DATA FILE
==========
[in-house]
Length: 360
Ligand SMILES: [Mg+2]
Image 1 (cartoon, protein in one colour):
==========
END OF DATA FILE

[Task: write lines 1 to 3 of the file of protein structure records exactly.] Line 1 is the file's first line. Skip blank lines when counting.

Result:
[in-house]
Length: 360
Ligand SMILES: [Mg+2]